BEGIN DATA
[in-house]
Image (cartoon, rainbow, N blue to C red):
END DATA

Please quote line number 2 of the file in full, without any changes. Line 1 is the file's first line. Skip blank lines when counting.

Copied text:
Image (cartoon, rainbow, N blue to C red):